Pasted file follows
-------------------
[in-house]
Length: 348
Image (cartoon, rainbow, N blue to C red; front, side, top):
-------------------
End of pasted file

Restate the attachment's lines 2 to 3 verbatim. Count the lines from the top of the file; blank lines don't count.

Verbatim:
Length: 348
Image (cartoon, rainbow, N blue to C red; front, side, top):